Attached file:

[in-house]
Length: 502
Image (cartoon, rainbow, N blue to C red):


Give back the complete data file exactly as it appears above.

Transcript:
[in-house]
Length: 502
Image (cartoon, rainbow, N blue to C red):